A Medicare Long-Term Care Benefit?

Public opinion surveys show that most Americans incorrectly think Medicare pays for long-term supports and services (LTSS). It does not. But should it? Should Congress add a long-term care benefit to the program’s current package of insurance for hospital care, doctor visits, and drugs?

Three highly respected health researchers, Karen Davis, Amber Willink, and Cathy Schoen, think it should. In a blog post for the journal Health Affairs, they’ve proposed Medicare Help at Home. It has three elements:  A limited benefit for support at home, a new health delivery model called an Integrated Care Organization that would provide both medical care and LTSS; and team-based home care.

I really like their delivery system reforms. I’m not so sure the new Medicare benefit is the most effective use of limited government resources or new tax dollars. But let’s look at each idea:

Medicare Help at Home: The basic framework for their plan is a new Medicare long-term care benefit. It would provide a maximum benefit of about $400-a-week that could be used for a wide variety of home-based services. Participants would become eligible for benefits if they have severe dementia or need help with at least two activities of daily living, such as bathing, eating or dressing (the same trigger used by private long-term care insurance).

Beneficiaries would pay for part of the cost of this care, based on their income. Low-income recipients would pay 5 percent co-insurance, while those with the highest incomes would pay half out-of-pocket. The authors figure the rest of the added benefit could be financed with a $35 monthly premium and a payroll tax increase of about 0.6 percent (employees and employers would each pay half).

Integrated Care Organizations: These would look something like Accountable Care Organizations, which are networks of doctors, hospitals, and other providers that are responsible for providing a full range of medical care to member patients. But unlike ACOs, which focus entirely on medical treatment, ICOs would also provide long-term supports and services for patients living at home.

Medicare beneficiaries would pay less out of pocket for their new Help at Home benefit if they enroll in an ICO. The ICOs would not only receive financial incentives for improving health outcomes and reducing hospitalizations as ACOs do, but also for preventing or delaying stays in nursing facilities. They’d also be required to meet tough quality standards (though those measures are still being developed).

This idea of fully integrated care isn’t new. PACE programs have been doing it for years. Dr. Joanne Lynn at the Altarum Institute has proposed a similar model called Medicaring. And some managed care organizations are combining medical care and long-term supports into a single benefit as part of state-based demonstration programs for those eligible for both Medicare and Medicaid (the “dual eligibles”).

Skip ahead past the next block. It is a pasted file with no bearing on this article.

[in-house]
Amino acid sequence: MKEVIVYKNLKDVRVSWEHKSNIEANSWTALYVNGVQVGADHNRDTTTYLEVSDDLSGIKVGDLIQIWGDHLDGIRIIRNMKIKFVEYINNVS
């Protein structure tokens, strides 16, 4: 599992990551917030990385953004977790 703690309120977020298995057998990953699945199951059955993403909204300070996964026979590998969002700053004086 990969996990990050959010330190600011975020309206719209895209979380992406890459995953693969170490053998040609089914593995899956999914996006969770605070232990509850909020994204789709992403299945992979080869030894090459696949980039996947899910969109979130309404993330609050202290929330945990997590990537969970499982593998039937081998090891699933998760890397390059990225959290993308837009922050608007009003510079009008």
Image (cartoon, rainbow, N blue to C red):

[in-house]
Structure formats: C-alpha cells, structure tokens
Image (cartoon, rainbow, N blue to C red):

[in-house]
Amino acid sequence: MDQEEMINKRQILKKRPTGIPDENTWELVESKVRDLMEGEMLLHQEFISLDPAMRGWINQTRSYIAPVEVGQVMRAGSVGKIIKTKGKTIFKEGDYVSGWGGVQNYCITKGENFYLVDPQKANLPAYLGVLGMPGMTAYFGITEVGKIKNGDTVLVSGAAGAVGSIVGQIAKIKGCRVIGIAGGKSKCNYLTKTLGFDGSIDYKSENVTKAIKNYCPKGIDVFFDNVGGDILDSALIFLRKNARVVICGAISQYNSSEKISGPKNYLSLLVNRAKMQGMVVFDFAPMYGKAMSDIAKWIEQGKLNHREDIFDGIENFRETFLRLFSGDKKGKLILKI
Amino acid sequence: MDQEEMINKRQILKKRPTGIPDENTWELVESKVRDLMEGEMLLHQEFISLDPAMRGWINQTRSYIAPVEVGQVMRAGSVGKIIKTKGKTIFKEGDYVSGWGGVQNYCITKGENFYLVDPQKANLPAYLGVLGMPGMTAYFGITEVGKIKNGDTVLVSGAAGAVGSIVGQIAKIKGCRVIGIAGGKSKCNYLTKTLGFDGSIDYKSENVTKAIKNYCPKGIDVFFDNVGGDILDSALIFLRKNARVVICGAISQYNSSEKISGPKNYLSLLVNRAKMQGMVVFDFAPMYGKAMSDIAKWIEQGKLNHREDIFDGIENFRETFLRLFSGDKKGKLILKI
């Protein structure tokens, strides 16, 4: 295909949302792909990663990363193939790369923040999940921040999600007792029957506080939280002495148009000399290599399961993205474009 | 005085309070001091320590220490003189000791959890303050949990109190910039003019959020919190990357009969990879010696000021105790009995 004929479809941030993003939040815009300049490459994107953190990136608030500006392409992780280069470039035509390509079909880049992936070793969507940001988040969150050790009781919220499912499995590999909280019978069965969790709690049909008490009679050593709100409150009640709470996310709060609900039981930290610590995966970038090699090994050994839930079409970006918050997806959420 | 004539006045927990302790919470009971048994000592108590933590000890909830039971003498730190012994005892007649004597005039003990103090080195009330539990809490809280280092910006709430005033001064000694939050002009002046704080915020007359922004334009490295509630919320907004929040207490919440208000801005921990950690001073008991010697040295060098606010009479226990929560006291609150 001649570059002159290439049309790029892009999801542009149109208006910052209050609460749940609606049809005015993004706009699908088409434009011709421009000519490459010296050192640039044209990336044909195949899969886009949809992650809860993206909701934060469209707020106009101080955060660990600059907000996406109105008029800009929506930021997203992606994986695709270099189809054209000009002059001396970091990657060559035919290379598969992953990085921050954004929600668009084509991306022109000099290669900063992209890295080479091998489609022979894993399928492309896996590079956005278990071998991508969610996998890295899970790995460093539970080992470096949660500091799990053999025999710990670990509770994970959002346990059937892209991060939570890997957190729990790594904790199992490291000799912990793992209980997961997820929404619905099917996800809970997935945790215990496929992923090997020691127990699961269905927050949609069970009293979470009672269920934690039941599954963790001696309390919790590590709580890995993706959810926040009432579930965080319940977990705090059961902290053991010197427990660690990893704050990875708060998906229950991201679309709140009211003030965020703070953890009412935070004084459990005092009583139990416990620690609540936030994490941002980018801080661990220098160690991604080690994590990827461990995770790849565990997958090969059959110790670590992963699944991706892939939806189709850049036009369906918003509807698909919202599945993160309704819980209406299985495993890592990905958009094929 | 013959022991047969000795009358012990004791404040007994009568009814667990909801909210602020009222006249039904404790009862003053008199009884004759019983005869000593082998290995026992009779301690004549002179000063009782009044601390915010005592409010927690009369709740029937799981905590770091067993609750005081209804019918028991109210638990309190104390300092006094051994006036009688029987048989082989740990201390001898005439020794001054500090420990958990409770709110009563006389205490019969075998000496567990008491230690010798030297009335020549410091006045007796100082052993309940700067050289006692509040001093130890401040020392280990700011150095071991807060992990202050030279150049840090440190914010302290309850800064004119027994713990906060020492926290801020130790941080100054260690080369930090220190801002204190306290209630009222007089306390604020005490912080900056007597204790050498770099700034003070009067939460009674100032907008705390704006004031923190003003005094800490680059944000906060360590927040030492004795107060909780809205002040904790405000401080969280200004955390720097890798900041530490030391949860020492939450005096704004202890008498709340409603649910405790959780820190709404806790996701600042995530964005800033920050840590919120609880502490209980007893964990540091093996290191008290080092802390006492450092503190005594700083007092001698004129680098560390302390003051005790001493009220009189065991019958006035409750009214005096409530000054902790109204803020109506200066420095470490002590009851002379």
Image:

Care delivery:  The authors also propose delivering this care in a team-based, patient-centered model that focuses on improving quality of life and reducing hospital or institutional care. The ICOs would be encouraged to adopt some of these models.

While there are lots of details to work out, the ICO and delivery reform models make a lot of sense. Better integrating medical and long-term care is long overdue. The Long-Term Care Financing Collaborative (I was a member) made similar proposals last July and again in February. In Medicare, this could be done lots of ways, including Medicare Advantage plans, Special Needs Plans, or the new ICOs.

What about creating a new Medicare benefit? There are obvious advantages to adding long-term supports to a well-accepted program such as Medicare. But there are some important budget issues: The rest of Medicare falls far short of paying for itself and a big chunk of its funding comes from general tax revenue. Many fear an expanded program would only make matters worse, though Davis, Willink, and Schoen say their plan would be self-funded.

The Collaborative also looked at a similar Medicare expansion but, in the end, preferred a different idea: a universal public catastrophic long-term care insurance program. Why? In part, because neither the Medicare model nor private insurance addresses true catastrophic costs we felt that new tax dollars would be better targeted to benefits unavailable elsewhere (except Medicaid for the impoverished). In addition, some of us felt that insurance—especially with a cash benefit—would provide much more flexibility for consumers than Medicare.

While we may have different perspectives, we all have the same goal: To improve and better integrate LTSS and medical care. And to that end, Davis, Willink, and Schoen have added another important idea to a healthy debate.

 

 

 

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